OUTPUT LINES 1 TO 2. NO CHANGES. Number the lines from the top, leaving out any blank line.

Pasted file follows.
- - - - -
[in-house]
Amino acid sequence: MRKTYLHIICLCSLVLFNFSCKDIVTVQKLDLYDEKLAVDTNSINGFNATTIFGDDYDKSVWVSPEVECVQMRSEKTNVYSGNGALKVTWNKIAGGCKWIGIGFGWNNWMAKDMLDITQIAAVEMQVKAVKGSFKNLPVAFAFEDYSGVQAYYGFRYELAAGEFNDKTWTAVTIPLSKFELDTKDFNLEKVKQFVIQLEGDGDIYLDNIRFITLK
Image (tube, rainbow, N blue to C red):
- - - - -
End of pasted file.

[in-house]
Amino acid sequence: MRKTYLHIICLCSLVLFNFSCKDIVTVQKLDLYDEKLAVDTNSINGFNATTIFGDDYDKSVWVSPEVECVQMRSEKTNVYSGNGALKVTWNKIAGGCKWIGIGFGWNNWMAKDMLDITQIAAVEMQVKAVKGSFKNLPVAFAFEDYSGVQAYYGFRYELAAGEFNDKTWTAVTIPLSKFELDTKDFNLEKVKQFVIQLEGDGDIYLDNIRFITLK